A former Sussex detective has said he sacrificed his career to lift the lid on the pressure police are under to massage their crime detection figures.
Johnno Mills is formally suspended until he leaves Sussex Police
Johnno Hills, 34, a police officer for four years, said the Home Office target and detection-driven culture was influencing the way officers worked.
"Officers are attending jobs thinking 'What can I get out of this to make it look as if I am productive'," he said.
The Home Office said it was committed to delivering fewer targets for police.
Mr Hills has handed his resignation to Sussex Police and is now formally suspended from the force until his official leaving date in a few weeks.
He said he joined the police to fight crime but became disillusioned and felt he had to resign as a matter of principle so he could speak out.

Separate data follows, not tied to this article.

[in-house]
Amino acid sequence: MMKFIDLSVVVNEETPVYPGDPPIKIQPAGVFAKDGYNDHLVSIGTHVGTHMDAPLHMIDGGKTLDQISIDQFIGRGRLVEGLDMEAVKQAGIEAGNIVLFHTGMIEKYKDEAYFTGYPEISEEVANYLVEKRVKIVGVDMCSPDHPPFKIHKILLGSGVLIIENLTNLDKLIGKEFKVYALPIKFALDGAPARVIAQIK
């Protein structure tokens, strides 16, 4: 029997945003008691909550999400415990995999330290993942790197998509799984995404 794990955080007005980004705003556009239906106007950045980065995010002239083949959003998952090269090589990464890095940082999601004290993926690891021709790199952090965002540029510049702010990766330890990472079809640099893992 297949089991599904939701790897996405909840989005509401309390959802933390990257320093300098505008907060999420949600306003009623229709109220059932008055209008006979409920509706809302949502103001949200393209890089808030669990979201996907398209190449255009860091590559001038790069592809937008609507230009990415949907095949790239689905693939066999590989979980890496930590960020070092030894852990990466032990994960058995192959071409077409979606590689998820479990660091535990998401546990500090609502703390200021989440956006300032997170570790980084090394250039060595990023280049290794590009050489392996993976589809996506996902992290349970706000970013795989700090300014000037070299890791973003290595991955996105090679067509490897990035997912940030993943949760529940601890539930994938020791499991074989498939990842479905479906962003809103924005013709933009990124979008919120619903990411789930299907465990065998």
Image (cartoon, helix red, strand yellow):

"I have been in a situation where I attended an incident of common assault - two men were embroiled in fisticuffs," he said.
"I was given a clear indication of who had started it.
"However, I was told that because both men were fighting each other it was an opportunity for me to record two common assaults to get another tick in the box."
Another example involved a colleague who went to a flat where a drug dealer had died.
"There was a quantity of cannabis on his bedside table. That cannabis was seized on the recommendation of the supervisor in order for it to be detected."
Sussex Police said it had not forced Mr Hills to resign but it was a matter of policing principle that a serving officer had to maintain political neutrality.
A Home Office spokesman said: "We don't reward number-chasing for its own sake.
"We have already delivered real improvements in our efforts to reduce bureaucracy.
"However, we acknowledge there is more to do and we are committed to improving performance mechanisms."